Today I’d like to dispel a handful of beliefs that aren’t quite accurate!
1. Once Under Contract, a REALTOR’s Job is Complete.
Yeah, right… this couldn’t be further from the truth! That’s often times when the hardest work begins. Between opening escrow and ensuring all parties are on the same page from the start, navigating inspection periods, completing the appraisal phase, conducting/coordinating walk-throughs, staying on top of the lender, reviewing CCRs/HOA regulations & title committments and much more, there is plenty of work to be done to ensure the finish line is reached.
2. Selling to an iBuyer will Net me the same Proceeds as a Traditional Sale.
As I recently broke down in a video (below), this is not true. An investor / investment company is in business to make money… that profit has to come from somewhere and usually it’s the seller’s pocket. Pricing is typically less than full market value and then the “fees” plus repair credits add up to a whole lot of ‘extras’. That supposed “convenience” comes with a price tag attached.
3. Buying a New Home Without a REALTOR® Saves Money.
Nope, not happening… the builders would rather work directly with a buyer since they make more money that way. We are able to negotiate with the builders and from experience, know how best to do so. This often times results in THOUSANDS of extra incentives, reduced lot premium, upgrades or other things. Even better, the builder pays us so you don’t even pay for your representation; how sweet is that?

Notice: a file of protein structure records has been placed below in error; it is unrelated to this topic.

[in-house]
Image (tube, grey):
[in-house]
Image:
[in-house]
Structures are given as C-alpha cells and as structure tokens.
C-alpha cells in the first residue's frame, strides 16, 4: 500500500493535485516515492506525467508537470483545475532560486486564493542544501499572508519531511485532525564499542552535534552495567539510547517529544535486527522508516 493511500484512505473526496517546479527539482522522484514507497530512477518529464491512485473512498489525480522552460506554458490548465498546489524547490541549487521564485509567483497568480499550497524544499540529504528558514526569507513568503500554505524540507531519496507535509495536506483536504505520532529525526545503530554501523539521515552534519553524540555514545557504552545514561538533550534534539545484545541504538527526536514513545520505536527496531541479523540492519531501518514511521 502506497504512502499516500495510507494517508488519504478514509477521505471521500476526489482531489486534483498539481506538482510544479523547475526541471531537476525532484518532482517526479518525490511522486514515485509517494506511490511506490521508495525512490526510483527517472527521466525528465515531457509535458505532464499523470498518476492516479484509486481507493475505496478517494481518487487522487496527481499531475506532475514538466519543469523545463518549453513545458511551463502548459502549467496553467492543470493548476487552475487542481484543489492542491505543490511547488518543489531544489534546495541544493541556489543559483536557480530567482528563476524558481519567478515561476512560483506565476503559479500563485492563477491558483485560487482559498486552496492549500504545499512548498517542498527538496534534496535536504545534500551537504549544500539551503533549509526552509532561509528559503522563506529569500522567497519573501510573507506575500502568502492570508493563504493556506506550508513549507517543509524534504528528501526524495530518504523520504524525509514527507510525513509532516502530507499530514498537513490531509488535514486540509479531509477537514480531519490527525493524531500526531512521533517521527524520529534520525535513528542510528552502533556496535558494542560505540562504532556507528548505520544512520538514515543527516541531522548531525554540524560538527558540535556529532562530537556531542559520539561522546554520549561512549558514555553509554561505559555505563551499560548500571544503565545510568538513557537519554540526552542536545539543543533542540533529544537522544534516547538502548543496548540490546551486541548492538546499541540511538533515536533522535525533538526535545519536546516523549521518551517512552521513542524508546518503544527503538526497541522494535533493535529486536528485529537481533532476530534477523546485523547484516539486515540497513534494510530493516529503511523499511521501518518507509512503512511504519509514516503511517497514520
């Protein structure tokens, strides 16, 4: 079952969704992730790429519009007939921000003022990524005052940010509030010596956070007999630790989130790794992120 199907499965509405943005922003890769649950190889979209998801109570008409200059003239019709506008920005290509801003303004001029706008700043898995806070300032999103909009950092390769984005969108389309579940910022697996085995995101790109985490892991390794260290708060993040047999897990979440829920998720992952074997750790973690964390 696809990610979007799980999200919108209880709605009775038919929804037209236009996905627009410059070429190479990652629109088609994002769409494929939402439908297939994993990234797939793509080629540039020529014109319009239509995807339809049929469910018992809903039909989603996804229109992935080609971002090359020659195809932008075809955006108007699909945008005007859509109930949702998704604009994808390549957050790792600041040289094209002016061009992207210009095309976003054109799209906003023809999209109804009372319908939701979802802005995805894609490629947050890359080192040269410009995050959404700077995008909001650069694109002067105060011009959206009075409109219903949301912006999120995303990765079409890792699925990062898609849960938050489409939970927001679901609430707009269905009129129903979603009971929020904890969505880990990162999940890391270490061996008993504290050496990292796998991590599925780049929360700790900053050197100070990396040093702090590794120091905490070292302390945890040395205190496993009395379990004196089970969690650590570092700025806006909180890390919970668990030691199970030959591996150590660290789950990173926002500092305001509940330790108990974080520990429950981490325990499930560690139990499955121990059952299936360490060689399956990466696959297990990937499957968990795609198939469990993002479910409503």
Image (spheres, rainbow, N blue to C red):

4. A REALTOR® should be Available 24/7/365.
Contrary to popular belief, REALTORS® have family, friends and a life outside of Real Estate. While I am available most of the time, there are some periods where I need to focus on other things. If I didn’t, then I wouldn’t be fresh and recharged to properly represent my clients. Confirming early in the working relationship what availability there is goes a long way to ensure expectations are met.
5. If I work Directly with the Listing Agent, I can get a Better Deal.
Not usually the case. Commission is most commonly paid by the Seller to the Listing Broker and then the Listing Broker offers a compensation piece to the Selling Broker (who represents the buyer). If you work directly with the listing agent and don’t have separate representation, then normally the listing broker will just keep it all. At the same time, they are not fighting for solely your best interests so it may end up costing you more in the end. Can a “Dual Agent” be a true neutral part of the transaction? Yes. However, not every REALTOR® knows how to do this.